The Spoonie Student

A Week in the Life of a Student with POTS

Last year, I went back to University to get my Master's in Environmental Science. My typical week is different from most students' because I have to work around my fluctuating POTS symptoms. Sunday- Work Experience Working at my local nature reserve. I started working a local nature reserve a few months before my course started.… Continue reading A Week in the Life of a Student with POTS

Lifestyle, Reviews

My Thoughts on ‘Girl, Interrupted’

The film starts with Susanna (Winona Ryder) trying to explain her suicide attempt to her doctor. it appears like he is only half listening to her and he questions her about illegal drug use. This struck a nerve with me as I have been frequently accused of being a drug addict, when I'm not, by doctors which has hindered my access to proper treatment in the past. Maybe it was appropriate in the 60's, but not today.

Lifestyle

How To Set Achievable Goals When You Live With A Chronic Illness

Last year, I set myself two goals: one personal and one professional and I managed to achieve them both. These days, I find that less is more when coming to setting goals for myself and I have found that I am much happier achieving two things per year than failing to get five things done in a month.

Lifestyle, Newly Diagnosed

My POTS Treatments

Like many people with a chronic illness, I had to wait many years to start treatment. I naively thought that medication would solve all my problems as that is what my doctors led me to believe. The medication that I took initially did not solve all my problems as they were designed to treat my symptoms and not the underlying cause of my illness.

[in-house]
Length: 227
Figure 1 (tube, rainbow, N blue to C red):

The Spoonie Student

How to Maintain Your Health as a College Student

I was doing a Master's course at a different University when I first got sick. I had to wait so long for an effective treatment, that I eventually lost my place. Consequently, I am somewhat apprehensive about starting a new course

Lifestyle, Newly Diagnosed

What is POTS? (and do you have it?)

POTS is a form of dysautonomia (a dysfunction of the nervous system) and is usually diagnosed using a tilt table test, but it can also be diagnosed with an active stand test. The average diagnosis time for POTS is 5-6 years, but can be diagnosed within 6 months of the first onset of symptoms.

Lifestyle

A Second Chance At Life With POTS

When I first got sick, I lost everything: my income, my degree course and my social life. I struggled to stand up for more than two minutes and I was unable to leave the house by myself. I could not think or speak coherently. I couldn’t even read a book. I slept most of my days away. It was 2015, I was 22 and I was told that I was a medical mystery.